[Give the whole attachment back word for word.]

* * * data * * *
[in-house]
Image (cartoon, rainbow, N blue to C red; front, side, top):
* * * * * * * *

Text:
[in-house]
Image (cartoon, rainbow, N blue to C red; front, side, top):